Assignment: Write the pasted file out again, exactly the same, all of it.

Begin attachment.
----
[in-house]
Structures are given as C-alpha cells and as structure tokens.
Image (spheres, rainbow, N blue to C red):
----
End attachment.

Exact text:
[in-house]
Structures are given as C-alpha cells and as structure tokens.
Image (spheres, rainbow, N blue to C red):